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Help Me [Linux]!

ChanusChanus Registered User regular
edited September 2010 in Help / Advice Forum
So, I have Dell Dimension 2400 from about five or six years ago that I want to use to try and jerk around with Linux.

Specs (I think, pulled from the Web):
Spoiler:

So... what do I do?

The ultimate goal is just to get it running with Linux and use it as a ThinClient at work... and then repeat with like six or eight other identical computers.

1) Because I wanna
2) If it works, it'll be cheaper than buying ThinClients

Help me, nerds and nerdettes!

Chanus on

Posts

  • ChanusChanus Registered User regular
    edited September 2010
    I'll add that failure is totally an option and has no consequences... so no worries that I have no idea what I'm doing.

  • TychoCelchuuuTychoCelchuuu ___________PIGEON _________San Diego, CA Registered User regular
    edited September 2010
    Download Ubuntu or something, stick it on a USB drive or a CD, and install it.

  • Jimmy KingJimmy King Registered User regular
    edited September 2010
    I would grab Ubuntu, Debian, or CentOS to install.

    Ubuntu is the most aimed at being user friendly. I hate the dash shell, though, because it does not behave properly and has caused me hours of frustration troubleshooting system() calls in Perl scripts that were not behaving properly. That sort of thing will probably never affect you, but still, it's stupid.

    Debian is what Ubuntu is based on. It does not use the stupid dash shell. Apt is a great package management system. It is my favorite Linux distro currently.

    CentOS is basically Red Hat. Red Hat is what you'll find most often in professional environments and so could be the most beneficial for you to learn your way around, get comfortable with its package management, etc. if this is the sort of thing you want to pursue in the future.

    import com.seriouscompany.business.java.fizzbuzz.packagenamingpackage.interfaces.stringreturners.StringStringReturner;
  • ChanusChanus Registered User regular
    edited September 2010
    That's all there is to it, huh? Cool beans.

    Is there any benefit to using CentOS/Red Hat in a "business environment" if the OS is there just to have the computer up and running and able to be used as a Thin Client? Like, better security or anything like that?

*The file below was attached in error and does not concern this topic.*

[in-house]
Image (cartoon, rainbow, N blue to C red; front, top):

That's pretty much all I'll be doing in this instance, but if I wanted to tinker around on another machine, would something like Ubuntu/Debian be better for learning and generally dinking around with?

  • Jimmy KingJimmy King Registered User regular
    edited September 2010
    Red Hat is more corporate oriented. Has expensive support licensing, some hardware vendors require you to run RH (or other approved OS which none of the completely free Linux distros are approved) for their hardware support licensing, etc.

    For what you're trying to do, true RH is not the way to go. CentOS will work fine and lets you get used to yum, where RH puts config files, how it does things by default, etc. which can be good if you want to move further into the corporate Linux world. If you understand Linux and what you are doing, it's pretty easy to switch between distros anyway, but having that specific experience can be helpful. Not all businesses use RH, either. We are in the process of moving from RH to Debian because RH is too expensive and what we get for the extra expense isn't worth it.

    My experience is that Debian and Ubuntu are also a little more friendly in regards to you screwing around, installing your own software, messing with configurations, etc. without packages from their repository getting confused. They are also much better to deal with in terms of upgrading. Red Hat and its variants cannot be upgraded between major versions without doing a fresh install (or at least that's what their own docs recommended doing last I looked. If an RH/CentOS expert is in the house and knows otherwise, please speak up) whereas Debian and Ubuntu upgrade very easily to new major versions.

    import com.seriouscompany.business.java.fizzbuzz.packagenamingpackage.interfaces.stringreturners.StringStringReturner;
  • ChanusChanus Registered User regular
    edited September 2010
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